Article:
Regrouping, the paramilitary unit pursues the Question Mark again, finding him in yet another terrible machine, the Killer Shark's Octopus, a sort of mechanical replica of a giant octopus.  Taunting once again, the Question Mark announces that he's going to burst the dam and flood the valley.  He emphasizes it by firing at the dam with a cannon.  The Blackhawks run toward the nearby tower for refuge.  Blackie, meanwhile, is circling and cawing repeatedly, prompting Chuck to shout, "That's it!  I'm right!  The game's over!  I know who you are, Question Mark!  You 're really—Blackhawk!"  Popping the canopy on the mechanical beast and removing his hood, Blackhawk reveals himself and asks Chuck how he knew.  Chuck relates that Blackie's special caw was the clincher, but that other minor errors were made, including knowledge of the secret parachutes of the Blackhawks and that the Question Mark's ability to accurately predict each move could only be a result of having access to the Blackhawk radio band they use to communicate.  The only remaining question on the men's minds is, why?  Blackhawk explains:  "Because I wanted to test you all, to find someone who could take over the Blackhawks in case something ever happened to me!"  Questioned further about who made the grade, the leader replies, "All of you men!  The test has proven to me that each and every Blackhawk is capable of taking over command!  And now I can put my mind at ease!"  Thus satisfied, this somewhat short story (10 pages from the splash page to the last page) ends.  They seemed to be a bit smaller during the 50's, as you may recall from the early Flash, Green Lantern and Martian Manhunter stories that I've reviewed previously and that are still available for your purview here at the archives.             

The Blackhawks, particularly while in the care of DC, remind me a bit of the Challengers of the Unknown.  They're not super powered, but they often ended up tackling some of the same bizarre fare, such as prehistoric monstrosities and other science fiction sorts of plots, particularly in their later exploits.  Pure adventurers with a fearlessness and devotion to teamwork made them a formidable task force and the international flavor of the group was a nice touch, but apparently they didn't have enough of the right stuff or maybe they just outlived their usefulness in a world that wasn't at war.  I'm sure Sgt. Rock, Jeb Stuart and his haunted tank and The Losers could appreciate the dilemma.  What's a team of warriors to do when the enemy stands vanquished?  Still, you don't have a career spanning over 25 years without leaving a mark and I was pleased that a member of the Blackhawks was given a role in Kingdom Come as the bombing pilot and that they made that appearance I mentioned at the beginning of this review on the new Justice League cartoon series.  Gone but not forgotten, other than the odd special appearance are the Blackhawks. I'll give this story a rating of 8.  While my true passion in this era are the superheroes, the Blackhawks made for some interesting reading as well.  I've got a couple of other stories about them in my collection and I just may revisit them in the future.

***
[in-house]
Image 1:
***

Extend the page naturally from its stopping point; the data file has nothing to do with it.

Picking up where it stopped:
Remember to join us again in about two weeks for the latest journey into this special era.  You just can't beat the Silver Age and I aim to prove it again and again.  Take a few minutes to share your thoughts at silveragesage@thesilverlantern.com.  I'll be glad to answer any questions or comments you may have.  In the meantime…

Long live the Silver Age!